As the display and thin film solar industry continue to grow, one material plays a crucial role in the evolution of both industries, and that is molybdenum.
One of the highly promising contenders in solar power generation is CIGS-based solar cells. These cells have shown record efficiency values (22%), standing as an alternative to crystalline silicon- (c-Si-) based solar cells for applications where flexibility, light-weight or building-integration is required. However, prior to growing into large-scale manufacturing, material properties and efficiency are critical characteristics to consider. Molybdenum, a refractory metal known for its corrosion resistance, high melting point and chemical stability, has been the preferred material as an electronic back-contact material for CIGS solar cells, especially due to its low CTE and compatibility with selenium.
Similarly, in the display industry, molybdenum’s presence in TFT-LCD or OLED screens allows for instant control of the individual pixels, guaranteeing a sharp image quality. Making up to four layers of the thin-film transistor’s array of layers, molybdenum’s purity and adherence strength not only help provide sharp images, but also fast image build-up on screen. Although it may not often be visible in the end product, molybdenum layers constitute display screens that we use in everyday life, such as those in smartphones, laptops, tablets, and televisions.
What are monolithic rotary targets? How does Plansee’s patented coating material improve the functionality of these targets? And what advantages ensue from all this process?
CIGS solar cells use Molybdenum as an electronic back-contact material.
When you hear of rotary targets, or targets in general, they mainly come in the context of sputtering, a physical vapour deposition (PVD) process used to create thin films without the need for material melting. Magnetron sputtering, in particular, is a deposition technique, in which tiny particles of metal are ejected from the source material (commonly known as sputtering targets) by a transfer of momentum from bombarding particles. A bombarding particle is typically a gaseous ion, trapped over the target material by a magnetic field, thus the name magnetron sputtering. Once ejected, the target particles deposit as a thin film on a glass substrate.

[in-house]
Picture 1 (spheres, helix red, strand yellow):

Sputtering targets come in different forms, most commonly in planar or cylindrical forms.
Planar targets are commonly used in rectangular shapes. Typical rotary targets, on the other hand, come in a cylindrical form and display many advantages, especially in cost, quality, and time.
Courtesy of Plansee.
Conventional rotary targets are called bonded targets, as they consist of three components: the target material, a backing tube and a bonding layer in between. Plansee has taken it a step further with their monolithic rotary targets, as they do not require a backing tube. This is due to their targets being purely molybdenum. They can be operated at a significantly high-power density and thus, a high coating rate. Monolithic targets are in direct contact with the cooling water of the coating systems. This cooling water generally carries inhibitors that are added periodically to keep the conductivity and pH value stable. Plansee’s newly patented, polymer-based internal coating covers the target’s inner side with a very low thickness, preventing the water from contacting the molybdenum material without weakening its thermal conductivity. Thus, the addition of inhibitors can be reduced to a minimum.
Plansee guarantees a purity for their molybdenum targets of at least 99.97%. With densities of almost 100%, a high deposition rate and maximum electrical conductivity of the thin film is ensured.
Plansee is a leading company in producing and processing refractory metals, including molybdenum, tungsten, niobium, tantalum, and chromium. With nine decades of experience and over 15,000 product developments, Plansee can adjust and fit their materials’ properties to the customers’ requirements. With the mentioned refractory metals, Plansee’s material experts have developed around 200 alloys and composite materials specific for certain application areas, with new additions in aluminium, graphite, and ceramics.
Contact Plansee for more information and learn more about their pioneering efforts.
Courtesy of Plansee.
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